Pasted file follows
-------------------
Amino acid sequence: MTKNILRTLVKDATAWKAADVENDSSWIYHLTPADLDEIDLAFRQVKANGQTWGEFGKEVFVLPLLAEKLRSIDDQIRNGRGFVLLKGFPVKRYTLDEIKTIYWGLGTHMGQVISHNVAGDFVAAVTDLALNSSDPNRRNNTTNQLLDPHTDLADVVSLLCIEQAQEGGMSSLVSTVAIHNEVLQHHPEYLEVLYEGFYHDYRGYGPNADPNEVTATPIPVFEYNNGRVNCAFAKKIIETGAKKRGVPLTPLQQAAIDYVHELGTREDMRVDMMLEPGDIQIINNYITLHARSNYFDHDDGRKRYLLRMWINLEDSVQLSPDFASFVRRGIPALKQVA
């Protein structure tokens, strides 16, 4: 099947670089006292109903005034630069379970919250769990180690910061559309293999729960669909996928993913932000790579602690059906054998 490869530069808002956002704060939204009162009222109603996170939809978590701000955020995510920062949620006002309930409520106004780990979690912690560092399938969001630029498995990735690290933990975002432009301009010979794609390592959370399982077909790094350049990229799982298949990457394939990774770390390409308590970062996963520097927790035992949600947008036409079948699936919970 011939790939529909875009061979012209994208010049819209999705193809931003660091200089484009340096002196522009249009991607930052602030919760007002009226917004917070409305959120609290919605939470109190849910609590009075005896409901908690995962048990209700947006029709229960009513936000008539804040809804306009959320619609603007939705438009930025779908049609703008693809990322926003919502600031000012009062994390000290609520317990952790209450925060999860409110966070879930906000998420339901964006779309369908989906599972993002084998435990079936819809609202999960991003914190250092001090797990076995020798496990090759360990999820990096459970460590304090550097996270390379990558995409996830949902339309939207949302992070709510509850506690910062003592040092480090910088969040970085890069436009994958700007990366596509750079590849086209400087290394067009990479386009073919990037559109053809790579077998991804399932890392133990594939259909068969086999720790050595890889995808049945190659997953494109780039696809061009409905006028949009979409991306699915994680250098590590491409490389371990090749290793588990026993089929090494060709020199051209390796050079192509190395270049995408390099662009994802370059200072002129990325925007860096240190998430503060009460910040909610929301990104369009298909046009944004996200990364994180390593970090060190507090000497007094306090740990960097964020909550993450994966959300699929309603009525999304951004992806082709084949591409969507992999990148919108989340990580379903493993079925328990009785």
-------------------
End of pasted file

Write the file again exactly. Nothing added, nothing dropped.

Amino acid sequence: MTKNILRTLVKDATAWKAADVENDSSWIYHLTPADLDEIDLAFRQVKANGQTWGEFGKEVFVLPLLAEKLRSIDDQIRNGRGFVLLKGFPVKRYTLDEIKTIYWGLGTHMGQVISHNVAGDFVAAVTDLALNSSDPNRRNNTTNQLLDPHTDLADVVSLLCIEQAQEGGMSSLVSTVAIHNEVLQHHPEYLEVLYEGFYHDYRGYGPNADPNEVTATPIPVFEYNNGRVNCAFAKKIIETGAKKRGVPLTPLQQAAIDYVHELGTREDMRVDMMLEPGDIQIINNYITLHARSNYFDHDDGRKRYLLRMWINLEDSVQLSPDFASFVRRGIPALKQVA
């Protein structure tokens, strides 16, 4: 099947670089006292109903005034630069379970919250769990180690910061559309293999729960669909996928993913932000790579602690059906054998 490869530069808002956002704060939204009162009222109603996170939809978590701000955020995510920062949620006002309930409520106004780990979690912690560092399938969001630029498995990735690290933990975002432009301009010979794609390592959370399982077909790094350049990229799982298949990457394939990774770390390409308590970062996963520097927790035992949600947008036409079948699936919970 011939790939529909875009061979012209994208010049819209999705193809931003660091200089484009340096002196522009249009991607930052602030919760007002009226917004917070409305959120609290919605939470109190849910609590009075005896409901908690995962048990209700947006029709229960009513936000008539804040809804306009959320619609603007939705438009930025779908049609703008693809990322926003919502600031000012009062994390000290609520317990952790209450925060999860409110966070879930906000998420339901964006779309369908989906599972993002084998435990079936819809609202999960991003914190250092001090797990076995020798496990090759360990999820990096459970460590304090550097996270390379990558995409996830949902339309939207949302992070709510509850506690910062003592040092480090910088969040970085890069436009994958700007990366596509750079590849086209400087290394067009990479386009073919990037559109053809790579077998991804399932890392133990594939259909068969086999720790050595890889995808049945190659997953494109780039696809061009409905006028949009979409991306699915994680250098590590491409490389371990090749290793588990026993089929090494060709020199051209390796050079192509190395270049995408390099662009994802370059200072002129990325925007860096240190998430503060009460910040909610929301990104369009298909046009944004996200990364994180390593970090060190507090000497007094306090740990960097964020909550993450994966959300699929309603009525999304951004992806082709084949591409969507992999990148919108989340990580379903493993079925328990009785």